Before I get into the details, I'd like to point out that I actually
understand the purpose of `submodule init` now ;).  To avoid further
confusion, my current one-line command summaries would be:

  init:   mark a submodule as active for future submodule operation
  deinit: mark a submodule as inactive for future submodule operation
  sync:   update remote.<name>.origin in submodules to reflect changes
          in .gitmodules or the superproject's remote URL.

I don't think we disagree on that, we just don't agree on how to
implement it.

Currently, Git uses submodule.<name>.url in the superproject's local
configuration as a marker for submodule activation.  This is not (as
far as I know) discussed in the docs, which is why I initially
missunderstood the purpose of `init` to be “setup the superproject's
local configuration so we don't have to keep resolving the submodules
URL relative to the superproject's upstream URL”.  With the proposed
`deinit` docs, this role for the submodule.<name>.url is mentioned,
but not in a place where casual users will be able to easily connect
it to the purpose of `init`.

I floated using submodule.<name>.update (with 'none' for inactive and
anything else for active) as an alternative marker:

On Sat, Dec 01, 2012 at 01:16:43PM -0500, W. Trevor King wrote:
> On Sat, Dec 01, 2012 at 07:04:05PM +0100, Jens Lehmann wrote:
> > Am 01.12.2012 18:49, schrieb W. Trevor King:
> > > I think removing `init` will cause some compatibility issues anyway,
> > > so I was re-imaging how you do it.  I don't think update='none' and
> > > "don't populate my submodule" are distinct ideas, while a locally
> > > configured url="somwhere" and "please populate my submodule" are (with
> > > the blank-url case defaulting to the superproject itself).
> > 
> > Why would we want to remove "init"? It still has to copy the "url"
> > setting (and it would be a compatibility nightmare if we would change
> > that, imagine different git versions used on the same work tree).
> In my init-less rewrite, it doesn't have to copy the url setting.
> People using older versions of Git would need to run `init` using
> their old version.  Having the url defined in .git/config won't break
> my init-less submodule commands, it just means that the value in
> .gitmodules will be masked.

but that doesn't seem to be going over very well.  Junio may have been
weighing in obliquely with:

On Sat, Dec 01, 2012 at 06:00:06PM -0800, Junio C Hamano wrote:
> Jens Lehmann <> writes:
> > [snip v1 deinit commit message]
> I fully agree with your analysis on the reason why the "url" element
> is special and has to be copied to $GIT_DIR/config, but when you
> deinit (or uninit) a submodule to say you are no longer interested
> in it and do not want it populated in the context of the
> superproject, I am not sure if removing only submodule.$name.url (so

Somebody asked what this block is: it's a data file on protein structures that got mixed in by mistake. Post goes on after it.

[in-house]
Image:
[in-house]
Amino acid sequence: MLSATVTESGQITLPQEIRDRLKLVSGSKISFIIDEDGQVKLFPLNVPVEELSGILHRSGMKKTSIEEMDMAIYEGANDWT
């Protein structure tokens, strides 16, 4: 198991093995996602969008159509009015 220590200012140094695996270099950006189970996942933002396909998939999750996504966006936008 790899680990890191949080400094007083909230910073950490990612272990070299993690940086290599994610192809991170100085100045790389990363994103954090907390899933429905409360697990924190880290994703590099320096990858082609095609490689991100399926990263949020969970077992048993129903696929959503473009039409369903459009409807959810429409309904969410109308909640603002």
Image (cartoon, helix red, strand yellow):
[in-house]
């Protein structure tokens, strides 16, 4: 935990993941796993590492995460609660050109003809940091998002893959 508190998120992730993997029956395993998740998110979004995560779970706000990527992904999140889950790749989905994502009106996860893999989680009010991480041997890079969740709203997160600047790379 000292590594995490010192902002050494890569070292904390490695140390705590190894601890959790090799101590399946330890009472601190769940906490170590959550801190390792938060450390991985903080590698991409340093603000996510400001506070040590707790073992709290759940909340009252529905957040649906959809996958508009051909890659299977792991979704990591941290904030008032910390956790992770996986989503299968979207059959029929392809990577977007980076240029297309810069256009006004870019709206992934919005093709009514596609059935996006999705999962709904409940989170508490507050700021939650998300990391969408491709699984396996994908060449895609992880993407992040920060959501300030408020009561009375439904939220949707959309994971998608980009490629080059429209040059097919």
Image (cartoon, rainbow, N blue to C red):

> that when you later decide to "init" it again, you will keep the
> values for submodule.$name.update and other things from the previous
> life) is the sane thing to do, or it is better to remove
> submodule.$name.* altogether as if an earlier "init" has never
> happened.  Would it be worth analyzing the pros-and-cons here?

Let me take another stab at presenting my argument in favor of a
different activity marker.


Add a new boolean option, submodule.<name>.active, to explicitly mark
submodules as active (with “active” defined as “to be returned by
module_list()”).  Strip down `init` (and the --init part of `update
--init`) to just setting this option to true.  `deinit` only sets this
option to false (but a `deinit --clean` could remove the whole
submodule.<name> section).

With this in place, extracting URLs for submodule operations be
similar to the extraction of other variables (.gitmodules defaults
with superproject-local .git/config overrides).  This also makes it
easier to track maintenance updates in .gitmodules-defined URLs,
because you aren't forced to bake overrides into your local

The upgrade path from earlier versions of Git is easy: if
submodule.<name>.active is unset, use the presence of
submodule.<name>.url to determine its initial value.

In the case where you check out an earlier superproject commit which
is missing a particular submodule (or remove a submodule without
deinit-ing), the presense of an active setting in .git/config should
not cause an error, which they currently seem to:

On Sat, Dec 01, 2012 at 11:37:14AM -0500, W. Trevor King wrote:
> On Sat, Dec 01, 2012 at 04:56:02PM +0100, Jens Lehmann wrote:
> > Am 01.12.2012 00:52, schrieb Phil Hord:
> > > If I never 'submodule init' a submodule, it does not get visited by
> > > 'git submodule foreach', among others.  I think some people use this
> > > behavior explicitly.
> > >
> > > On the other hand, I've also notice that a submodule which I have
> > > removed does not get de-inited later one.  It causes my 'git submodule
> > > foreach' to emit errors.  :-(
> >
> > I'm currently hacking on "git submodule deinit" which removes the 'url'
> > setting from git/config. This should do the trick for you, right?
> >
> > Just removing that submodule automagically would not work that well, as
> > it would deinitialize a submodule when you switch to a branch where it
> > isn't present and you'd have to reinitialize it when you come back.
> I think this is another case where we should be looping through
> submodules based on the revision-specific .gitmodules content, and
> querying the local config only to determine if the user wants to
> update them (to drop into them with foreach, etc.).



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